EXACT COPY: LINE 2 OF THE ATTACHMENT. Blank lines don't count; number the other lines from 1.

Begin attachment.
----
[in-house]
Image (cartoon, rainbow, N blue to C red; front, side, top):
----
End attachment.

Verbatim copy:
Image (cartoon, rainbow, N blue to C red; front, side, top):